Archaeological Team Returns To Smith’s Island

May 23, 2013

archaeologistsA team of visiting archaeologists from New York’s University of Rochester returns to Smith’s Island this summer hoping to uncover artifacts associated with Bermuda’s first three permanent residents as well as enslaved 17th century Native Americans and Africans.

Headed by Dr. Michael Jarvis and working on Smith’s Island since 2010, the team believes they may have identified the precise location where the “Three Kings of Bermuda” — Christopher Carter, Edward Waters and Edward Chard — lived between 1610 and 1612.

The 61 acre island is located near the northern entrance to St. George’s Harbour and has long been known to have been the site of Bermuda’s first permanent settlement, with Carter, Waters and Chard building rough cabins there.

Members of the “Sea Venture” party wrecked in Bermuda, the three men elected to stay behind in Bermuda in 1610 after the Bermuda-built ships “Patience” and “Deliverance” carried the castaways to the English settlement at Jamestown in Virginia.

After some 20 months, the reign of the “Three Kings” came to an end with the arrival of the “Plough” in July, 1612 carrying Richard Moore — Bermuda’s first Governor — and a party of 60 settlers.

Dr. Jarvis, who arrived in Bermuda this week [May 22] for the 2013 Smith’s Island excavations said thanks to a call for volunteers by the Bermuda National Trust, the University of Rochester team will have at least 15 locals digging alongside them this year “ranging from retired couples to teenagers who have been volunteered by their mothers …”

“I really am looking forward to helping Bermudians learn about and unearth their own past,” Dr. Jarvis posted on his blog. “An important but often overlooked part of historical archaeology is engaging and involving the public to promote awareness of the fragility of our cultural heritage and to diversify the range of people included in histories beyond white property-owning men who make up the bulk of those documented in surviving records.

Ordnance survey map of Smith’s Island prepared in 1898/1899 by British Lt. A. J. Savage

Savage Smiths Island

“With luck, we will find evidence of enslaved Native Americans, black Bermudian slaves who seasonally worked in the whale house, the three poor English sailors who became the First Bermudians, and the unknown individuals who were forced to stay at the island’s quarantine station and those who nursed them in their illness. I can’t wait to get started!”

Dr. Jarvis has said historians are fortunate that the “prudent preservation efforts” of the Bermuda National Trust and Government’s National Parks system have saved Smith’s Island from development.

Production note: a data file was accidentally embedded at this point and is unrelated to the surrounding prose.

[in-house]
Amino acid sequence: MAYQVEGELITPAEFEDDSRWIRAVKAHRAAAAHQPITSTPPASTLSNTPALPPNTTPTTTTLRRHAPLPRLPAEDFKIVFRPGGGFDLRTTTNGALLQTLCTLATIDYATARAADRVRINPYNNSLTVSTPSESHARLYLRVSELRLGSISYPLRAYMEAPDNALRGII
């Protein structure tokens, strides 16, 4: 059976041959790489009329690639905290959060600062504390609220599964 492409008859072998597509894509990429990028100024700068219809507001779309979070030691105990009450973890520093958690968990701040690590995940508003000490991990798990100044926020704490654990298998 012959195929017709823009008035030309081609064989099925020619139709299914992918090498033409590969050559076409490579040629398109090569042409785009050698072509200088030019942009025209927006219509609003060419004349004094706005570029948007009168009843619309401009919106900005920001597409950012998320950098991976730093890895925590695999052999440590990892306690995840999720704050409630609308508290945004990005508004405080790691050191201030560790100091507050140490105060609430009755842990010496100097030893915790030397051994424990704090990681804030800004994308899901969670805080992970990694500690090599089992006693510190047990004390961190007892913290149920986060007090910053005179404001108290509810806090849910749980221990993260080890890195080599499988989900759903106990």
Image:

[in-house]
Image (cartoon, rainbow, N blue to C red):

Dr. Jarvis is the author of the award-winning “In The Eye Of All Trade” – the first ever  social and cultural account of 18th century Bermuda and the first book to explore the unique ties between black and white Bermudian mariners whose seafaring exploits aboard the island’s cedar sloops opened a new chapter in Atlantic maritime history.

The historical research project is focused on exploring four centuries of Bermudian history through targeted excavations.

This research has been made possible with support from the University of Rochester, the Bermuda National Trust, the St. George’s Foundation, the Spurling family, Norman and Anne Brown, Geoffrey Redmond, and members of the Bermuda National Trust’s Archaeological Research Committee.

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Category: All, Environment, History

Comments (2)

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  1. seeking atlantis says:

    I would love to join. How can I?

    • Kevin L. Moody says:

      I am a (semi)retired archeologist from Schoharie, NY, with 40 years of professional experience. I worked for the NYSOPRHP (Bureau of Historic Sites) for 15 years, a private firm in Wyoming (Independent Archeological Consultants) for 5 years, and for the last 20 years with Hartgen Archeological Associates, in Albany.

      I have had the opportunity to discover and excavate several 17th century sites–European, Native American, and mixed ethnic sites– in and around Albany NY. I believe I could make a substantial contribution to your on-going project.

      Please contact me asap, if you are interested in my services, this year or the coming years. I look forward to hearing from you.